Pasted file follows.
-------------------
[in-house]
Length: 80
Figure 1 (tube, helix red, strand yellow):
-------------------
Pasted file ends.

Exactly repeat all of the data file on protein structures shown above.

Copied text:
[in-house]
Length: 80
Figure 1 (tube, helix red, strand yellow):